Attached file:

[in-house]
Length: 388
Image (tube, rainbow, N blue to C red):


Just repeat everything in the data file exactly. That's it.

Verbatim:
[in-house]
Length: 388
Image (tube, rainbow, N blue to C red):